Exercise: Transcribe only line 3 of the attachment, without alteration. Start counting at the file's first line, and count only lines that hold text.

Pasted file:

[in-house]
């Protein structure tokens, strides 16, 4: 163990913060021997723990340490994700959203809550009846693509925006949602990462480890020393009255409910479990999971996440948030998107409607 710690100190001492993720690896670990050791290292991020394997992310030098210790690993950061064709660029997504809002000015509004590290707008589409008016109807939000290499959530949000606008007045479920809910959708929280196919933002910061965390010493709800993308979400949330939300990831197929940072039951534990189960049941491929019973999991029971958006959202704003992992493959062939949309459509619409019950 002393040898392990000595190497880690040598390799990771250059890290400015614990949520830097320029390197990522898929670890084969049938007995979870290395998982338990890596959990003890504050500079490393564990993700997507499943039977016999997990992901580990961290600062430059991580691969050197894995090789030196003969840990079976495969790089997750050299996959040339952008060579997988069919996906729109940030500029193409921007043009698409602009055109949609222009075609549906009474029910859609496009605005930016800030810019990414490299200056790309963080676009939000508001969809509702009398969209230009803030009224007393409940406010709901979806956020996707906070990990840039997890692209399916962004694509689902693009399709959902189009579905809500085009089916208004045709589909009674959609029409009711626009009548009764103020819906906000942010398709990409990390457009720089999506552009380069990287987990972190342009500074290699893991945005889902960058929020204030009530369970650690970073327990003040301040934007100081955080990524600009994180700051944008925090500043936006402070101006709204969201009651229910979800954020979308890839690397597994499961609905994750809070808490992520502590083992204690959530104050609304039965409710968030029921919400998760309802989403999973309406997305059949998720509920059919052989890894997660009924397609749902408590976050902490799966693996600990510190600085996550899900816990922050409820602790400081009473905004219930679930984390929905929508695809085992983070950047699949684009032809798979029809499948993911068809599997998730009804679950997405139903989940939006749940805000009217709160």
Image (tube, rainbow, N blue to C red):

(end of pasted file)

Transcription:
Image (tube, rainbow, N blue to C red):